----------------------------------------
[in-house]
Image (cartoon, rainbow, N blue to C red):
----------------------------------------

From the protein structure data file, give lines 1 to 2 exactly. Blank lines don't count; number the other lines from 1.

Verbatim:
[in-house]
Image (cartoon, rainbow, N blue to C red):